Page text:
San Pedro de Quemez, Bolivia

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We stayed at the Hotel de la Piedra, which is a low stone building above San Pedro de Quemez - a small village in the middle of nowhere, surrounded by desert. It is at 4200 metres, so gives altitude problems in sleeping - I had a blinding headache in the middle of the night: and in addition is was bitterly cold at night, particularly as there was no heating

This place was described somewhat optimistically by Audley Travel as

Located on the western shores of the Uyuni salt lake, the unique Stone Hotel was inspired by its location near the pre-Columbian village of San Pedro de Quemez and is constructed of local stone and volcanic sand, whilst the ceilings are made of traditional straw that is common to the local Andean communities. All of the rooms make use of solar energy to ensure a constant supply of hot water and maintain heat within the building both during the day and night. The rooms are comfortable and and the service is good.

I somehow doubt that anyone from Audley has ever stayed here.

Well, the position and architecture are both good, and the idea of making everything of stone is interesting. However there is little (read, virtually nothing) in the way of heating, so in the morning it is really cold - below zero cold. And on arrival, once we eventually got someone to unlock the place, they warn you there is hot water only in the evening, and that it is "stone" cold in the morning. Their idea of a fire in the dining room was a small stove that never really fired. My lasting memory of this place is the cold. It comes up well in photos thanks to the colourful fabrics, but they hide the somewhat basic nature of the place underneath them.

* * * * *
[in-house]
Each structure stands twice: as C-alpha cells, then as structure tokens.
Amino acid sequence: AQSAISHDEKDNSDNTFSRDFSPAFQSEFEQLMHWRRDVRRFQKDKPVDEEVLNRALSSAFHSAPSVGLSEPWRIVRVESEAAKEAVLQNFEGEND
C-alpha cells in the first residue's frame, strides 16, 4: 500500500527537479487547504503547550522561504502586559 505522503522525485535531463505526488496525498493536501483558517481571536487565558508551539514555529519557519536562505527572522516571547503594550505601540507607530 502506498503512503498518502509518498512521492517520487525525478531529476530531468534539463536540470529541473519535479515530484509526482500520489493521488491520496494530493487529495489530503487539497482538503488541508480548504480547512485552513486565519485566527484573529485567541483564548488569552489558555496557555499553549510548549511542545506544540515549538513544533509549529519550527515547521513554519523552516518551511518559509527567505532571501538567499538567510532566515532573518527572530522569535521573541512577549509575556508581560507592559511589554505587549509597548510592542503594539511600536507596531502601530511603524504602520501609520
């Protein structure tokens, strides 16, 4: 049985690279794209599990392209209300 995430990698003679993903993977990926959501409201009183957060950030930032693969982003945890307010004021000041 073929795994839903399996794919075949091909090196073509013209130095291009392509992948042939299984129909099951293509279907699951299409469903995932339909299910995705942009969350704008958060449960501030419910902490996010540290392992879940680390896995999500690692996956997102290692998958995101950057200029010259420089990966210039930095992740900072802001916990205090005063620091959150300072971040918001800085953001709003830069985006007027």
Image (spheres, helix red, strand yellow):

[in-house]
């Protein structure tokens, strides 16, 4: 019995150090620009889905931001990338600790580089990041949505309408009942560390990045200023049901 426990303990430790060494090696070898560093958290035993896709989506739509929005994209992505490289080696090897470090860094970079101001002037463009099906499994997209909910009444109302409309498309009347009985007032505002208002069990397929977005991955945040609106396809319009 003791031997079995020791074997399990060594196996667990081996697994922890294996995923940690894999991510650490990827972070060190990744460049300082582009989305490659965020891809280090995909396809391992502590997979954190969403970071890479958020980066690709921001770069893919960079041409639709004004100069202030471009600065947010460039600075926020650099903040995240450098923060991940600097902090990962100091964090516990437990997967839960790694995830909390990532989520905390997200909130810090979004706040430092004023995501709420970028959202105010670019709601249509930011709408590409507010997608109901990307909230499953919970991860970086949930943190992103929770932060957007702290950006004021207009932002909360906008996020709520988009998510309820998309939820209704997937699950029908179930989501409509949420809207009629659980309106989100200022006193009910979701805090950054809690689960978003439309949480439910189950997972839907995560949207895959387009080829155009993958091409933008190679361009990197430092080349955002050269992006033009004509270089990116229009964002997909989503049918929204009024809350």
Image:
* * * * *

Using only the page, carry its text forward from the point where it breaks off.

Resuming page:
The meal, served at 7 pm "on the dot" was without doubt the worst meal we had in Bolivia, and really was inedible.We both left the entire main course, the knife could not even cut the meat, it just flexed and gave up. The soup was a thin gruel, somewhat tasteless. The pudding was a bland sponge with a bit of banana on top: this was edible though!
In reality you stay here because it is a convenient stopping place - we were en route from Uyuni to Chile, and is in the middle of nowhere, just where you need a hotel on this route. And is probably the best of a bad lot. I guess if I ever went this way again, I would check the alternatives, but would probably be forced to stay here

The ruins of this town which was burned during the war between Chile and Bolivia in 1879, are a few hundred metres away, but it is not one of the world's great tourist sites. And nothing of the history of the burning can be found on the web apart from it being "an unknown page of official history"

From here we struck out south along dirt tracks and open desert towards the Chilean border, and were treated over the next two days to really breathtaking scenery.

Holiday in Bolivia, Chile and Argentina